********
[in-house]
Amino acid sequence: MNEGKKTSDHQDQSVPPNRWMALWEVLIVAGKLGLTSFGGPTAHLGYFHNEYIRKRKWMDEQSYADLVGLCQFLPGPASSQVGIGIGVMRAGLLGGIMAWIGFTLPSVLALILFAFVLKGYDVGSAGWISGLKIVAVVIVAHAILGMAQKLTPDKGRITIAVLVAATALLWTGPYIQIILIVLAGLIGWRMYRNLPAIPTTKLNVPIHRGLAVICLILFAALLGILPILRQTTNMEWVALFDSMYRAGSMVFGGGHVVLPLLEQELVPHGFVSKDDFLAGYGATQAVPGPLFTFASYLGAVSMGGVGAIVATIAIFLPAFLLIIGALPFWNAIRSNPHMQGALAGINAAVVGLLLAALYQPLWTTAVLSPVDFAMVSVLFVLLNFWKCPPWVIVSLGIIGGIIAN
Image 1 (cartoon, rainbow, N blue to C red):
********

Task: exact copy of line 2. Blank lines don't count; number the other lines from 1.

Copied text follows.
Amino acid sequence: MNEGKKTSDHQDQSVPPNRWMALWEVLIVAGKLGLTSFGGPTAHLGYFHNEYIRKRKWMDEQSYADLVGLCQFLPGPASSQVGIGIGVMRAGLLGGIMAWIGFTLPSVLALILFAFVLKGYDVGSAGWISGLKIVAVVIVAHAILGMAQKLTPDKGRITIAVLVAATALLWTGPYIQIILIVLAGLIGWRMYRNLPAIPTTKLNVPIHRGLAVICLILFAALLGILPILRQTTNMEWVALFDSMYRAGSMVFGGGHVVLPLLEQELVPHGFVSKDDFLAGYGATQAVPGPLFTFASYLGAVSMGGVGAIVATIAIFLPAFLLIIGALPFWNAIRSNPHMQGALAGINAAVVGLLLAALYQPLWTTAVLSPVDFAMVSVLFVLLNFWKCPPWVIVSLGIIGGIIAN